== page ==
The National Academies

TCRP B-44 [Final]

Examining the Effects of Separate Non-Emergency Medical Transportation (NEMT) Brokerages on Transportation Coordination

  Project Data
Funds: $300,000
Research Agency: Texas A&M Transportation Institute
Principal Investigator: Linda Cherrington and Suzie Edrington
Effective Date: 1/10/2014
Completion Date: 6/1/2018


Federal transportation policy calls for coordination of public transportation with human services transportation to avoid duplicative and overlapping services and to achieve cost savings for all federally funded programs. The Medicaid program is the largest federal program for human services transportation, spending approximately $3 billion annually on NEMT. The successful coordination of transportation services is affected by the extent to which resources for NEMT are coordinated with and complement public transportation and other human services transportation programs. Because the Medicaid program is administered by states, which are able to set their own rules, within federal regulations and guidelines set by the Centers for Medicare and Medicaid Services (CMS), coordination of NEMT with public transit and human services transportation is highly dependent on each state Medicaid agency’s policies and priorities.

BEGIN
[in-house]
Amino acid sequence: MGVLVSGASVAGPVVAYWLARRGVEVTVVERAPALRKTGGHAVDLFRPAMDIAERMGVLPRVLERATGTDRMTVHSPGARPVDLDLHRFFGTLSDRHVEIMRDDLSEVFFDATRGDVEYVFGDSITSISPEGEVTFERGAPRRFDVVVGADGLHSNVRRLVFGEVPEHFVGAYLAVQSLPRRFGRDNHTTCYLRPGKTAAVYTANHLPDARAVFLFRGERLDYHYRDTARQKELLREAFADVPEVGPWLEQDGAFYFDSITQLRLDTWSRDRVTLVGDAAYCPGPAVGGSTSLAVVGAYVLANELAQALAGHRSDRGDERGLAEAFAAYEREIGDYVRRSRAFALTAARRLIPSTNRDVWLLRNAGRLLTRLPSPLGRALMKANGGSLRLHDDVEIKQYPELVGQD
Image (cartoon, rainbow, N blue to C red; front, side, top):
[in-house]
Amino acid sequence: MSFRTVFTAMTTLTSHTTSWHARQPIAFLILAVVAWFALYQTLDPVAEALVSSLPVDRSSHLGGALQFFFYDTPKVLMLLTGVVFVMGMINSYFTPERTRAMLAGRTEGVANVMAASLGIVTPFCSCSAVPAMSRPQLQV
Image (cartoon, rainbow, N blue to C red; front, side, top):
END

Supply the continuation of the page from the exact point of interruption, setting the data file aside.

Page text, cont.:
Most research conducted on NEMT brokerages has focused on the impacts on the specific Medicaid program and agency. Meanwhile, the broader fiscal, coordination, and customer service effects of statewide Medicaid NEMT brokerages have not been fully studied.  As more states consider the statewide or regional brokerage options for NEMT, it is important to determine (1) what the larger outcomes are for human services transportation and public transit, (2) what motivates states to establish separate NEMT brokerages, and (3) what the actual costs and benefits are.


The objectives of this research are to present options for providing Medicaid-funded NEMT services and evaluate the effects of different options for providing NEMT on: (1) access to Medicaid services; (2)  human services transportation (in particular, coordinated transportation services); and (3) public transit services, including ADA complementary paratransit services.  The key audiences for this research include state-level policymakers and program administrators and other stakeholders affected by the different options for providing NEMT services.

STATUS:   The research has been completed and has been released as TCRP Report 202, Examining the Effects of Separate NEMT Brokerages on Transportation Coordination: A Handbook The report is accompanied by a companion document that explores the state-by-state profiles for examining the effects of NEMT brokerages on transportation coordination.

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